Saturday, 15 October 2011

Driving Miss Daisy ****

Driving Miss Daisy is a story about the complex relationship between an elderly Jewish woman and the chauffeur imposed on her by her son to look after her. Although they start in fairly tempestuous fashion, over the years they spend together they come to rely on each other for more than just the physical needs of money and a means of popping down to the Piggly Wiggly.
Written by Uhry in 1987 it was hugely successful on Broadway and was quickly adapted into a motion picture where it took on even more success, in no small part thanks to the contribution by a certain Morgan Freeman. I don’t know, you may have heard of him… The story of companionship, trust, humour and love has gone down as one of the great stories of the century and rightly so. Here, after a hugely successful stint on Broadway and ahead of a National US Tour, the West End stage is graced by the presence of theatrical royalty showing the rest of us how it’s done.
Straight to the quick of it: James Earl Jones is the main attraction of this production (aside from being both Mufasa and Darth Vader he has won over sixteen – yes, sixteen – awards for his acting in America as well as being honoured with a series of Lifetime Achievement Awards). Often when you hear stories of a ‘brilliant’ actor you take them with a pinch of salt or go in with such high expectations that you can’t avoid being let down. Not so with James Earl Jones. Esbjornson understands the presence that he brings to the stage and from the opening where he just sits waiting while Gaines and Lee had a kerfuffle on the other side of the stage he is the center of attention. His performance was faultless. That’s right, after having said that you must take such statements with a pinch of salt I’m saying he was faultless. Not only was he faultless he was powerful and compelling, funny and moving from moment to moment.
The passage of time during the events of the play are taken naturally in his stride and the humour in the script seems as if it’s all his own. He was as naturally Hoke Colburn as Hoke Colburn could be himself, if he was a real person for more than the hour and a half we’re given.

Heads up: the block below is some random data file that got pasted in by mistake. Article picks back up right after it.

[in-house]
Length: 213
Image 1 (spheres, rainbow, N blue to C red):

Vanessa Redgrave was lamentably indisposed when I had the good fortune of securing a front row seat and her understudy, Jenny Lee, stepped into the role admirably, though perhaps the transfer wasn’t as seamless as it could have been. A few times she cut off others’ lines with her own and although her performance was otherwise brilliant these slips were unmistakable. Her relationships with both her comrades were nuanced and natural and she really brought a the underlying emotions of the play to vibrant life on stage with a mixture of drama and humour that endeared you to her as much as it frustrated you at times.
Boyd Gaines is also undeniably outstanding. His history speaks for itself but on the stage here he once again proves himself. Transforming more from beginning to end he takes physical changes and implements subtle changes in his physical acting as well, better illustrating the amount of years that are passing. He characterises the position of the caring son very well indeed and also gives a great position to observe the growing relationship between his mother and Hoke.
David Esbjornson’s direction is faultless. The set he uses is simple and with minor and efficiently executed set changes and alterations it becomes a host of different places, the pride of which being forged mainly in the ‘car’ (a bench, a chair and a steering wheel). The poignancy of the script was allowed to play the major role as the production itself is understated and refined.
The one element that stands out is the series of projections that are used throughout the show. Now, I am of the opinion that if you’re using such devices they have to be fully justified and done well. Thankfully, Esbjornson ticks both boxes emphatically. The subtle changes in the projection serve to either change the location slightly or to keep people up to speed with the rapidly passing time by projecting images of influential people such as Martin Luther King Jr. onto the back of the stage so that they don’t interfere at all with the physical world of the play.
The whole show has a sense of the refined calm that you often feel when you walk through your grandparents’ house, and not just because of the period of the drama. The mannerisms and character is the same, the atmostphere being more than the sum of the physical parts and that is thanks to the unity in direction from Esbjornson between actors, set and everything else; a perfect example of the balance that defines good theatre.
The script is magnificent. Regrettably short, it zips through twenty-odd years of relationship in a brief hour and a half, stopping at the roadside occasionally for humour and worry, sadness and tension. It has everything that a good script should and this was evidenced in the cast clearly reveling in their lines.
Overall, Driving Miss Daisy deserves all the plaudits it has received. The list of awards and accolades the cast and script have received in their careers speaks for itself and all come to the fore here. There is nothing but talent on the stage and there is no reason good enough to not go and see it. Now.

Written by Alfred Uhry; Directed by David Esbjornson; At the Wyndham's Theatre; Starring James Earl Jones, Vanessa Redgrave, Boyd Gaines, Jenny Lee; Runs from 05 October 11 - 17 December 11.

John Ord (12/10/2011)

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